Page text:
Excerpt: (1 items) [ Editor's note: This article is reprinted from Printerville , a Web site that provides information about photo printers and papers. ] More than a decade ago, I tested Epson's first wide-format, photographic-quality, inkjet printer, the Stylus Pro 9000 . At the time, there were a number of companies that offered wide-format proofers and signage printers, and the 9000 competed well in that space, but Epson was as interested in the nascent fine-art printing...
Pros: Excellent print quality; wide color gamut, Superb paper handling capabilities, Outstanding black-and-white output with perfect neutrality, Speedy, Includes number of features designed to reduce clogging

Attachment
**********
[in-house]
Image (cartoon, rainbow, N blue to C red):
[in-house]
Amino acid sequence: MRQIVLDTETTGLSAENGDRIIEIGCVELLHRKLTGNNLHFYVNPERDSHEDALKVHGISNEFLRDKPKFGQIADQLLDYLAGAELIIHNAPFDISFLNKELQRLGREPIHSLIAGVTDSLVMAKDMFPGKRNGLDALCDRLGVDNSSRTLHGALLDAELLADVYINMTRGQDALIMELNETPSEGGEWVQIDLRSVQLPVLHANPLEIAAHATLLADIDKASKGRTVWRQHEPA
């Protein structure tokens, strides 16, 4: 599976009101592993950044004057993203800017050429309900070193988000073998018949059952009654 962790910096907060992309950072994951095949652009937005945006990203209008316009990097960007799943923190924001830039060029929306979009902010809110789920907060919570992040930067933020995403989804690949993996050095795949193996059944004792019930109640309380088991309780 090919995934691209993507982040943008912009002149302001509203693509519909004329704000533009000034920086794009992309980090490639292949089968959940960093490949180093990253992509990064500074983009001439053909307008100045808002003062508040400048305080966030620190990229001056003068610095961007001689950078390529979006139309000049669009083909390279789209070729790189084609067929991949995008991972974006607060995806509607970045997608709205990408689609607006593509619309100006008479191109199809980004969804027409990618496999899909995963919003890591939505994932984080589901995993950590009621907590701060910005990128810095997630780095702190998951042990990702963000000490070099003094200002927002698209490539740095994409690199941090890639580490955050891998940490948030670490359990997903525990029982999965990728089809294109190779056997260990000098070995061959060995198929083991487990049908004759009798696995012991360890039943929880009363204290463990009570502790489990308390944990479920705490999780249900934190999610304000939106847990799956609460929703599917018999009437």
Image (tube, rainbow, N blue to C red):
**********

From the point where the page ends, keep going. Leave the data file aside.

Cons: Photo and Matte Black inks share channel, requiring switch when switching paper types, Print cartridges that come with the printer are almost entirely used during ink-charging process
The Epson Stylus Pro 7900; A 24” UltraChrome HDR Ink Set Printer
1 July 2001
Excerpt: Among digital photographers who are looking for quality prints with a good archival life, odds are that you’ll hear the Epson name mentioned, including the 13” R2880 and 17” and larger Stylus Pro printers. The Epson line is known for excellent quality output on a variety of media types, as well as a long archival life through their pigment inks.
Excerpt: The Epson line of photo printers is well respected for excellent quality output on a variety of media types, as well as a long archival life through their pigment inks. Recently, Epson added two new models to the large format lineup, the 24" Stylus Pro 7900 ($3,995) and the 44" Stylus Pro 9900 ($5,995). Rather than replacing the existing 7880 and 9880 models, they're additions to the line, although at a significantly higher price point than the x880 printers.